Fat stranding on CT means that the normally dark uniform fat has patchy brighter densities within. The fat becomes dirty in appearance. Fat stranding on CT can indicate many different kinds of abnormalities but can sometimes be seen with cancer.
Fat stranding and cancer
On CT, we usually see the primary cancer. It is rare for a cancer to be fat stranding alone. Sometimes, tumors which spread into the surrounding tissues can have fat stranding around them. This is common with pancreatic cancers which tend to spread into the surrounding tissues and cause fat stranding on CT.
Fat stranding can be seen around tumors after they have been treated with radiation. Fat stranding can be seen after tumors have been removed surgically. It is sometimes hard to tell if the fat stranding on CT at the site of surgery is related to surgery or is residual or recurrent tumor.
Fat stranding on CT as the only sign of cancer is rare. Some infiltrative tumors can look like fat stranding. This means that the tumor is not a round ball, but spreads into the tissues in an irregular manner. Infiltrative tumors still often look different then the fat stranding we see associated with more benign processes. Often we can tell the difference.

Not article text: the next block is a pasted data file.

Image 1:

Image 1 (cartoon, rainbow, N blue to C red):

Diverticulitis versus colon cancer
Diverticulitis is an inflamed diverticulum or pocket of the colon. This will cause fat stranding of the tissues around the diverticulum. Often the colon in that area will be thickened. In these cases, we can not always tell if the process may represent colon cancer. Often, a colonoscopy is recommended after treatment to make sure there is no colon tumor.
Fat stranding is more commonly not cancer
Fat stranding on CT more commonly indicates a more benign process like fluid in the body or inflammation. Often we see fat stranding on CT when something is inflamed like the appendix or gallbladder. We see more diffuse fat stranding when there is fluid in the tissues of the body.
We see fat stranding when there are infections. This can be an infection of the tissues called cellulitis. We can see stranding around organs such as the kidney when they are infected. Fat stranding on CT can be see when there is collection of pus called an abscess.
Fat stranding on CT more often does not mean cancer. This is more commonly seen with infection, inflammation, fluid/edema, after procedures and surgery. Fat stranding can be associated with a tumor after treatment. Rarely, an infiltrative tumor can look like fat stranding on CT.
Fat stranding can sometimes be seen when there is residual tumor after surgery or a recurrence of cancer. Fat stranding can sometimes be seen around a tumor which is spreading into surrounding tissues.
The radiologist interpreting the CT will suggest the most likely diagnosis based on all the prior scans, clinical history and labs. The radiologist may also recommend additional testing to confirm a diagnosis. Your clinical doctor will determine the best course of follow up and treatment for the finding.